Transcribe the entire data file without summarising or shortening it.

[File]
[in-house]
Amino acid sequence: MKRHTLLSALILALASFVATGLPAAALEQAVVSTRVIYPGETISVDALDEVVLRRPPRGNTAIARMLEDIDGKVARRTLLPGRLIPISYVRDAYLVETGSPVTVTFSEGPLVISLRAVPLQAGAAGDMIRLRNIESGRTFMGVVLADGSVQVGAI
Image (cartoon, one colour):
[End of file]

[in-house]
Amino acid sequence: MKRHTLLSALILALASFVATGLPAAALEQAVVSTRVIYPGETISVDALDEVVLRRPPRGNTAIARMLEDIDGKVARRTLLPGRLIPISYVRDAYLVETGSPVTVTFSEGPLVISLRAVPLQAGAAGDMIRLRNIESGRTFMGVVLADGSVQVGAI
Image (cartoon, one colour):